Hiking Courthouse Wash

Courthouse Wash

Arches National Park

          Looking for a nice hike not on the typical tourist menu in Arches National Park? Courthouse Wash might be your ticket. The hike is lovely and free of the usual National Park crowds. The route is easy to follow, requires several hours time, and follows a cheerful stream.

General Information:
Click Here for Map           Courthouse Wash is a wonderful desert hike that will require 3 to 4 hours. The route is 5 1/2 miles. Elevation loss on this hike is virtually nil at 150-feet. The route consists of easy hiking along a sandy wash. Some minor ankle to knee deep wading might be required depending on conditions. Courthouse Wash requires you carry a least enough water for half-a-day in the desert. This route is rated 1B II using the Canyon Rating System.

          This route should be easy for any moderately experienced hiker. Navigation for this route should be effortless. There is no trail but the route follows a large wash for its entire distance. Mistakes in navigation are easy to overcome and correct on this route. A GPS is useful in identifying waypoints and verifying your location. Good map reading skills and the USGS 7.5' Maps titled "Moab" and "The Windows Section" are helpful. All waypoints and maps for this route use the WGS84 datum.

Courthouse Wash Facts:
          Courthouse Wash was named after the Courthouse Towers which are located about 1 mile southwest of the Courthouse Wash Trailhead.

Your fashionable tour guide. Hiking down Courthouse Wash.

Trailhead Information:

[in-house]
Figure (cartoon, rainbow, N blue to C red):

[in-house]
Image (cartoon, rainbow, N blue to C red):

The downside to this hike is that it requires a vehicle shuttle. All roads and parking areas for this route are paved. There are no restrooms at the trailheads. The trailheads are accessible to all vehicles in all conditions. A bicycle could be used for the shuttle, in which case I might suggest hiking the route in reverse of what is described.

Lower Trailhead:
From Moab head north out of town on U.S. Highway 191. Cross the bridge over the Colorado River. After crossing the bridge continue north for 0.3 miles to the signed "Parking" on the north (right) side of the highway. This is the Lower Trailhead. Drop your shuttle vehicle here and continue driving north on Highway 191 for 1.7 miles to Arches National Park.

Courthouse Wash Trailhead:
          From Arches National Park Visitor Center drive into the park for 4.4 miles to the bridge over Courthouse Wash. Park at the large, paved, pull-out on the north (left) side of the road, just east of the bridge. This is the Courthouse Wash Trailhead. The trailhead easily accommodates several vehicles.

Courthouse Wash Watch for Quick Sand!

Route Information:
From the Courthouse Wash Trailhead (N38 38' 58", W109 35' 54"), walk over to the bridge and find your way into the bottom of Courthouse Wash. Nothing tricky about this hike from here to the finish. Hike downstream and enjoy the ride.

          Along the route you might enjoy exploring up several of the side canyons. My favorite side canyon is the first on your left (north) as you hike downstream. Small areas of quicksand are also common along this route. Nothing to serious, just a nice mud hole for the kids to play in.

          The sand can become tiring to hike in after a while and many will discover hiking in the water is more pleasant. After several hours you will reach the Lower Trailhead (N38 36' 25", W109 34' 59").

          Just as you reach the Lower Trailhead you will find a nice panel of rock art located between Courthouse Wash and the Colorado River. To see the rock art you must walk uphill to the base of the cliffs overlooking Highway 191. The base of the cliff has a large pictograph and petroglyph panel. The panel is approximately 19-feet high by 52-feet long. At one time this was an amazing panel guarding the entrance to Moab, but the site was heavily vandalized in 1980.

One several tributaries of Courthouse Wash. The gang hikingCourthouse Wash.

          Sections of this route pass near gardens of poison ivy. The poison ivy problem is extremely minor on this route and easy to avoid if you know what it looks like. Poison ivy has three leaves and is frequently found near water. Poison ivy leaves are green in the summer and red in the fall. Educate yourself before attempting this route.

Copyright 2000-, Climb-Utah.com